Sales Training: Whose Job Is It?

Enterprise Sales Coaching

“Most managers seem to feel that training employees is a job that should be left to others.  I, on the other hand, strongly believe that the manager should do it himself.”
Andy Grove, former CEO of Intel

 

In the high-tech industry, ownership of sales training by sales operations is on the decrease and the more specialized field of sales enablement is increasing. Ownership may be down, but involvement is well over 60% according to ESO Research. For too many sales organizations, sales training and enablement is ad hoc with no clear owner. We schedule the occasional Power Point presentation from product management and declare it “enablement” – which is a disservice to both the product manager and the sales team. This approach misses the mark on essential aspects of coaching sales people – situation and context.

Experiential Learning

Behavior change and performance improvement do not develop via death-by-PowerPoint, although I suspect the dial-in audience appreciates the time to clear out their email inbox, check sports scores or indulge the latest Gilt Groupe flash sale. Coaching sales people when they are immersed in doing their job – developing, advancing and closing real opportunities is how learning takes place. We should focus on genuine business context and meaningful interaction with our sales team to deliver coaching that improves results. Rather than a training “reinforcement” program, we need more discipline, consistency and ongoing improvement in the coaching opportunities that already take place.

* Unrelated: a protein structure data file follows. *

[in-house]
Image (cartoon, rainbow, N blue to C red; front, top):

• Field sales calls
  • Opportunity strategy review
  • Weekly forecast call
  • Quarterly business review

 

Sales VP

The Sales VP must ‘own’ the concepts.  They must be present at every event or activity.  Training them as trainers is critical. Supporting the entire training program will communicate an important message. This training is important and will be here long term.  This is not a temporary program.  Without this message, forget the whole thing.   Sales Benchmark Index